In 2009, my cousin’s family moved to our town. They had two little kids ages four and six and a third on the way. They were a lovely family. Mini, that’s my cousin’s wife, usually had her prenatal check up in the community health center. However, when she learned that I am a Registered Midwife and a Registered Nurse as well, she would come to our house for blood pressure checks. I would also assess the baby’s heart beat and let her listen to it to assure her that the baby was healthy. When her due date was near, I heard her saying to my mom that she planned to deliver at home with my help. Having heard that, I told her that home delivery was now discouraged due to high mortality rates of babies delivered at home and the risks it posed to birthing mothers. I advised her to go to the hospital when the time comes. She just smiled at me.
In hindsight, I knew this would happen but I was hoping she wouldn’t go through with the ridiculous plan. My youngest sister who recently acquired her Midwifery license was at the house at that time. I calmly stood up and said, “you’re coming with me. We’ll check her out and see what stage she’s on”. She followed me without a word, her eyes as huge as saucers. When we arrived at my cousin’s house, we found Mini on a makeshift pallet on the floor in active labor. I didn’t have anything with me except for a pair of sterile gloves I found in my OB bag from way back in my college days. Aside from the gloves, the rest were out of date.
I did the physical exam and she was 7 cm dilated. And with it being her third child, delivery was imminent. She adamantly refused to go to the hospital so I resigned myself to helping her and make a run to the nearest pharmacy which was about 15 to 20 minutes away. I hoped to be back before she actually gave birth.However, in case the inevitable happened, my sister was there. Although, she had never delivered a baby on her own before, I had faith that as a newly minted midwife, everything was still fresh to her. I instructed her on what to do when the baby came and I was not back. I demonstrated to her how to catch and hold the baby’s head, how to follow its natural rotation and how to gently pull. She was calm and listened well so I knew it was safe to leave for the quick supply run.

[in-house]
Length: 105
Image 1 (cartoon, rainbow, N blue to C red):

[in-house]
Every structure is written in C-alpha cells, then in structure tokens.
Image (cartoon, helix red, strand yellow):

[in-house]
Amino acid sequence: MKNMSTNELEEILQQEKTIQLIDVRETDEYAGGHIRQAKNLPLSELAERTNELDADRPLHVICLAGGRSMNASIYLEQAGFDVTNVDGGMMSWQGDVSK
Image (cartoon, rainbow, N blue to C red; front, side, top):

I was on my way back about five minutes away when I received a phone call from her. She said “I’m holding the baby, remind me again how to cut the cord.” I asked what she was using to cut the cord. She said they found kelly forceps and surgical scissors in the OB bag and sterilized them through boiling. She couldn’t decide how close to the umbilicus to clamp the kelly. I told her to give enough length to work on the cord dressing.
When I arrived in the house, everybody was smiling widely at the wailing baby girl in my sister’s arms. Her hands were bloody because there were no gloves. The first thing she said to me was “I’m sure I have no cuts anywhere”. I just smiled at her because I was so proud of how she handled things. Her face was radiant with happiness. I understood the triumph she felt at being able to bring a new life into this world.
I helped her dress the baby’s cord. We delivered the placenta and made sure there were none retained inside. The baby was breastfed and for the next few days my sister and I did the postpartum visit. The mother and the baby were both well and healthy.
That day was my sister’s “early” rite of passage to the real world of Nursing and she did very well. She graduated and got her Nursing license in 2011, 2 years after that successful home delivery. My parents, who worked hard to send us to nursing school, were smiling from ear to ear. They were beaming with pride.
At present, my cousin has six kids. The younger ones were delivered in the accredited birthing facility built later in our community. Savannah Ysabella, that’s the name of the beautiful baby girl, is in elementary school. And my sister? She’s one hell of an ITU nurse now, fighting in her first pandemic.